Stocks fell Thursday with an overhang on the market from a worsening relationship between the U.S. and China. Wall Street, though, suggests that stocks aren’t selling off hard because the Federal Reserve’s comments are reverberating throughout the market for the time being.
All three major U.S. indices fell, with the S&P 500 down 0.78%. The 10 year treasury yield slipped to 0.67%. Yields fall when prices rise.
Cyclical sectors like banking and oil fell considerably, a negative sign for the economy and stock market. The S&P 500, home to stocks at stretched valuations, has held flat for almost a month now.
Positively, the S&P 500 equal weighted consumer discretionary index, which puts Amazon’s (AMZN) - Get Report weighting on equal footing with the rest of the index — rose 1.6%. The consumer represents the majority of economic output in the U.S. and fiscal and monetary stimulus is supporting spend.
Spoiling market sentiment was a clearly worsening relationship between the U.S. and China. And experts on China say the end of the trading partnership between the two nations may be near.
The latest: the Senate passed a bill — now up for the House’s vote — that would delist Chinese companies from American stock exchanges for not adequately making audit records and accounting transparent.
That’s the latest in the larger spat between the two countries, leading many to believe a trade agreement may not ever be completed.
The Fed did say Wednesday that it will continue printing money to inject into the baking system and all areas of the bond market. Investors knew that but want clarity that the programs won’t fade. Te stimulus enables unemployment to level off and bridges the gap between lockdowns and reopenings.
Here’s what Wall Street’s saying:
Tony Dwyer, Chief Market Strategist, Canaccord Genuity:
“Still following the Fed. The only certainty in the current environment is the continued promise from the Fed of unlimited support that was again made evident in the FOMC minutes released Wednesday.”
Brian Levitt, Global Markets Strategist, Invesco:
"Many countries appear to have successfully “bent the curve” in the number of new daily coronavirus cases. In the US, the 7-day average of new cases peaked on April 11, at 31,942, and that number has been consistently below 30,000 since May 3. The 7-day average of new cases on May 15 was 22,988, the lowest since early April 1. Testing in the US appears to be ramping up, although it is still below the levels recommended to fully control the virus. During the week of May 5, the US averaged nearly 300,000 new coronavirus tests a day, nearly double the roughly 150,000 daily tests performed in early April. Market volatility, as measured by the CBOE VIX index, has been more than halved since reaching an all-time high at the end of March 2020. Financial conditions have eased meaningfully since the middle of March.6 Conditions have remained relatively tight from a historical perspective but have been relatively stable for over a month. That has been driven by the relative stability of both the US dollar7 and US investment grade corporate bond spreads.”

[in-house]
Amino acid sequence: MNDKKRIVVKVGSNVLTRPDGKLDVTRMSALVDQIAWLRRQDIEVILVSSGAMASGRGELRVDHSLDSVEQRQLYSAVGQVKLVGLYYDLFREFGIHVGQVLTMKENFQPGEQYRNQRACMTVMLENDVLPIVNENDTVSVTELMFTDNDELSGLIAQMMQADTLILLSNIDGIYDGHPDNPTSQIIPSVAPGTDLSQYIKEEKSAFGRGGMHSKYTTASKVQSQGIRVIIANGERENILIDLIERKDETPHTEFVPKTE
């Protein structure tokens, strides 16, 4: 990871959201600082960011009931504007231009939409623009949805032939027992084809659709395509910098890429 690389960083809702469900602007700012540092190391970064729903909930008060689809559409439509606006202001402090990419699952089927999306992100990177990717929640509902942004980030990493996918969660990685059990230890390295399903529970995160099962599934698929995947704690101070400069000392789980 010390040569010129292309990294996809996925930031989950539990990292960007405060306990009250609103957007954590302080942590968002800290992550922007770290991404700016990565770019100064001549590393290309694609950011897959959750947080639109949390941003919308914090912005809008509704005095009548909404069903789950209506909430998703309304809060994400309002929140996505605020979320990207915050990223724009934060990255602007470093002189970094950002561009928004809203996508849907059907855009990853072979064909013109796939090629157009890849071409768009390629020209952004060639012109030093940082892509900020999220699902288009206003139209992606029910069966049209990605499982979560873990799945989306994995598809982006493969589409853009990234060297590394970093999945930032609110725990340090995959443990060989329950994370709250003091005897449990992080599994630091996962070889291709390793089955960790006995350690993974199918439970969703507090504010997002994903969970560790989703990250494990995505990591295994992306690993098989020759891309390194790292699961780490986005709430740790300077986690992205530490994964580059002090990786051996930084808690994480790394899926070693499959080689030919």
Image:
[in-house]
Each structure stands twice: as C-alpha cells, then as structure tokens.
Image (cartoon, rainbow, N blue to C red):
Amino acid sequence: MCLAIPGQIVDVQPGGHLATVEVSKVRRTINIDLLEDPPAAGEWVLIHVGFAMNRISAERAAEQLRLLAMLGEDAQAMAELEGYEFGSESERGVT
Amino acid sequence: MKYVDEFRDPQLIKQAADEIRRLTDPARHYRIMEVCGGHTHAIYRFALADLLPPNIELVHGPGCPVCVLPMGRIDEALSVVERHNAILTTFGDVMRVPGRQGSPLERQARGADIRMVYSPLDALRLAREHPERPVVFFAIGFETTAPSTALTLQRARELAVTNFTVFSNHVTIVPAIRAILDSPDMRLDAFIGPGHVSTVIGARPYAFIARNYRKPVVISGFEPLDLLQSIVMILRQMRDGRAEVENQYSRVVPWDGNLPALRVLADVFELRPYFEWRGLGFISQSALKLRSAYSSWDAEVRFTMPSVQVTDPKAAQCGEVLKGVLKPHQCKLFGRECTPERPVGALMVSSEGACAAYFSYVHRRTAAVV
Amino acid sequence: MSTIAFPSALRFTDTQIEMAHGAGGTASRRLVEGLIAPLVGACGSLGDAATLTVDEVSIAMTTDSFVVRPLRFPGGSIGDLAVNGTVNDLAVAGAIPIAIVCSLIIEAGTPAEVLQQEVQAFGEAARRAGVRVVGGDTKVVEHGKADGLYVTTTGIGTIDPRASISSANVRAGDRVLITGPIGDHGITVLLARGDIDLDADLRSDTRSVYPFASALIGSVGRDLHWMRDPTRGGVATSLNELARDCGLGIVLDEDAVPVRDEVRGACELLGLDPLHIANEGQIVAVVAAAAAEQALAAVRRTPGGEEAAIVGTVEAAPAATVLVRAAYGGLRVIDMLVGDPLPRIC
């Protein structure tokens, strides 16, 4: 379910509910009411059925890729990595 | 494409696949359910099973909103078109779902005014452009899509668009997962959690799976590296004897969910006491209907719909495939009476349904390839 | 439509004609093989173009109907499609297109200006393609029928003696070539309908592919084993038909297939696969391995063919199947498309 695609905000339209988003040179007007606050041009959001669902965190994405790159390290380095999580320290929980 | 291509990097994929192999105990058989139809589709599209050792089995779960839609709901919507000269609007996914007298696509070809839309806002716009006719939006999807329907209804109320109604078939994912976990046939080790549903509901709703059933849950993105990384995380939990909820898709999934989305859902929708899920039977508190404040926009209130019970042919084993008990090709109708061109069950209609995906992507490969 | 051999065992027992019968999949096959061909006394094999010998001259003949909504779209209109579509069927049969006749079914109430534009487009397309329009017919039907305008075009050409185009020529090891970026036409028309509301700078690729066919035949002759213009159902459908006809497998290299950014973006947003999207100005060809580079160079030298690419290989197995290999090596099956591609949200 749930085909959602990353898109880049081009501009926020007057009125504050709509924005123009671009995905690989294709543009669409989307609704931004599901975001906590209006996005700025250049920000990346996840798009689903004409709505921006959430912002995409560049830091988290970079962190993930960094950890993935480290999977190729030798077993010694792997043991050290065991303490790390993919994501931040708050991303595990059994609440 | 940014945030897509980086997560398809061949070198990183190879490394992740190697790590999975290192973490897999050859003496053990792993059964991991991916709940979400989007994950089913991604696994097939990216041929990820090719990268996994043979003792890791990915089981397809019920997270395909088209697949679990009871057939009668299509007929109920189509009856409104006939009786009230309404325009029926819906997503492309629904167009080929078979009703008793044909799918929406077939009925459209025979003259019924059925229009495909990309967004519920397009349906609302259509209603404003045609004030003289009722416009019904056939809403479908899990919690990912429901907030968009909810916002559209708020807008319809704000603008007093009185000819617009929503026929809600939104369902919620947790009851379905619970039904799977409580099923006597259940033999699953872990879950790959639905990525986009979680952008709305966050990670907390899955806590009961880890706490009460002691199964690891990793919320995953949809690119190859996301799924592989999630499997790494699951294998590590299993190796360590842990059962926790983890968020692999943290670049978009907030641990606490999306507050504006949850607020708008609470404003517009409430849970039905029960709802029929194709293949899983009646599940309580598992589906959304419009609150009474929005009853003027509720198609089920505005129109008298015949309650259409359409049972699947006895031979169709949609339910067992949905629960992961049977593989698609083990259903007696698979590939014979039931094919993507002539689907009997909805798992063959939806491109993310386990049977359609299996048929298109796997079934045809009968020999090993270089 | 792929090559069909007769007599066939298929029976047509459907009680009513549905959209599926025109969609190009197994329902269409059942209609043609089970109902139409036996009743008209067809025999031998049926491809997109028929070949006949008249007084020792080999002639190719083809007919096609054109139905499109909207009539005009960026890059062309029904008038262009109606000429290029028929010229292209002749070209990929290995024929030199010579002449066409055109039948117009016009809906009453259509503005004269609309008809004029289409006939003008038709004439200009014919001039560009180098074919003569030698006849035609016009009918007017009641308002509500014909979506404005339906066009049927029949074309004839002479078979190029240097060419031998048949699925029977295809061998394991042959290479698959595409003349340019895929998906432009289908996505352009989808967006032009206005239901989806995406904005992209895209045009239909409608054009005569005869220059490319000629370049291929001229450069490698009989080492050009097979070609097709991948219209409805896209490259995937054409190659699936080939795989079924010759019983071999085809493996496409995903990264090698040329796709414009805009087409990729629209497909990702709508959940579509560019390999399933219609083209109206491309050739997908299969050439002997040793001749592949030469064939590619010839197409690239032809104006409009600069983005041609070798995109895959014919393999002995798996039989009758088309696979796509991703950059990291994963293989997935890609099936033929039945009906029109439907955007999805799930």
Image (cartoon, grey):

Michael Sheldon, Chief Investment Officer, RDM Financial Group:
"You need to monitor a number of different macro-economic data points and financial conditions over time. Some of the trends I watch are 1) the performance of financials, industrials, transports and small caps which have lagged; 2) high beta versus low beta; 3) consumer discretionary versus consumer staples equal weighted; 4) oil versus gold; 5) high yield credit spreads; 6) inflation break-evens; 7) copper prices; 8) weekly claims; 9) EPS revisions.”